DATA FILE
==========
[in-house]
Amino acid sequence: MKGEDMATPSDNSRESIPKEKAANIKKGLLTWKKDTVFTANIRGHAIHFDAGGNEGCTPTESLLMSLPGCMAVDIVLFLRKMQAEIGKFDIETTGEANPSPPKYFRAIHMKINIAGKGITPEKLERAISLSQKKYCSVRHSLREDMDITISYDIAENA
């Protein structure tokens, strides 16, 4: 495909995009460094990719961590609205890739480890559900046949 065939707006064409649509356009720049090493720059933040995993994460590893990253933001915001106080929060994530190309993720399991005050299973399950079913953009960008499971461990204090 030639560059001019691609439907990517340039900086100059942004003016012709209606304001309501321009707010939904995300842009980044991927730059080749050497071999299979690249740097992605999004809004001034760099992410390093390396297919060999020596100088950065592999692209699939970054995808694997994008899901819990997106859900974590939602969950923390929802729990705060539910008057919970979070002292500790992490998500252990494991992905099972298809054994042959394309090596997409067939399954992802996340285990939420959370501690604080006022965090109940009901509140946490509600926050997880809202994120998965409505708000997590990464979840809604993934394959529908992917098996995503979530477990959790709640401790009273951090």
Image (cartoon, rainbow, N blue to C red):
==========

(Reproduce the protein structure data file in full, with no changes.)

[in-house]
Amino acid sequence: MKGEDMATPSDNSRESIPKEKAANIKKGLLTWKKDTVFTANIRGHAIHFDAGGNEGCTPTESLLMSLPGCMAVDIVLFLRKMQAEIGKFDIETTGEANPSPPKYFRAIHMKINIAGKGITPEKLERAISLSQKKYCSVRHSLREDMDITISYDIAENA
């Protein structure tokens, strides 16, 4: 495909995009460094990719961590609205890739480890559900046949 065939707006064409649509356009720049090493720059933040995993994460590893990253933001915001106080929060994530190309993720399991005050299973399950079913953009960008499971461990204090 030639560059001019691609439907990517340039900086100059942004003016012709209606304001309501321009707010939904995300842009980044991927730059080749050497071999299979690249740097992605999004809004001034760099992410390093390396297919060999020596100088950065592999692209699939970054995808694997994008899901819990997106859900974590939602969950923390929802729990705060539910008057919970979070002292500790992490998500252990494991992905099972298809054994042959394309090596997409067939399954992802996340285990939420959370501690604080006022965090109940009901509140946490509600926050997880809202994120998965409505708000997590990464979840809604993934394959529908992917098996995503979530477990959790709640401790009273951090």
Image (cartoon, rainbow, N blue to C red):